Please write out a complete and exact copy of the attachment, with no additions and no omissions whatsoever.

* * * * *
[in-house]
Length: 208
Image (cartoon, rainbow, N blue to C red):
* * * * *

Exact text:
[in-house]
Length: 208
Image (cartoon, rainbow, N blue to C red):